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Vernon residents selected priority items on which to focus their efforts.

VERNON >> Farmer and pastor Art Miller challenged his community to "think big."

"I know with the Planning Commission, we had the gas plant we batted around town. That's suspended as far as I know in this point of time," he said, referring to the Kinder Morgan pipeline project being shelved. "That's a big thing."

With the shutdown of nuclear plant Vermont Yankee comes a significant reduction in taxes paid to the town. And that amount is only going to shrink as time goes on.

Miller, who told residents that a second Community Visit meeting Thursday with the Vermont Council of Rural Development was a chance for them to be "bold and creative" about solutions for Vernon, was selected to serve as chairman of the process. The Community Visit is funded through the Windham County Economic Development Program, which was created in a settlement between Yankee owner Entergy and the state of Vermont to assist with the anticipated loss of about 600 jobs.

Residents decided new priorities should include creating a village center and opening a community store or cafe. Also on the list was improving trails and outdoor recreation with a thought to conservation and developing the riverfront.


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Some spoke of wanting Vernon to become a destination — whether that meant for recreation or living or both depended on who was talking.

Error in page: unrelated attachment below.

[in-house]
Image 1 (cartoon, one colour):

"My vision is somehow, how do we become that town?" Planning Commission member Brett Morrison said.

Planning Commission member Martin Langeveld pointed at places like Putney, Newfane and Townshend for inspiration.

"It's the village center that helps to define the town," he said. "So it would be a catalyst for bringing more business and residents into town."

Resident Karen Amidon wants to see Vernon made into a drug-free community. She noted the importance of having a "very strong school system" and maintaining school choice for students leaving the elementary school.

"We don't have the community store and cafe anymore. We did. We miss it," said Select Board member Emily Vergobbe. "We want it back."

Resident Martha Haskins called for Vernon to take a leadership role in protecting natural resources and land.

Attendees recognized that the Planning Commission, tasked with exploring economic development opportunities now too, was already making some headway on preparing for post-Yankee life. For about two years, the commission talked with interested parties about a natural gas plant. Voters largely supported the prospect in a nonbinding vote at annual Town Meeting in March.

The commission is still interested in large-scale energy projects and whatever else might benefit the town. A subcommittee is looking at fiber optic improvements.

These type of projects were deemed important by residents who voted by posting stickers on individual sheets of papers with the aforementioned priorities. But since the commission is actively looking at these items, VCRD Executive Director Paul Costello said his group would arrange for a team of experts in those fields to meet with the commission. Task forces assigned to the other priority items will meet with other specialists in meetings that the council will help facilitate.

The next meeting, on July 7, is expected to bring those resources to the town. The experts are expected to come from all different backgrounds. State, federal, nonprofit and business leaders came to Vernon for the first Community Visit on May 18.

Contact Chris Mays at cmays@reformer.com or 802-254-2311, ext. 273.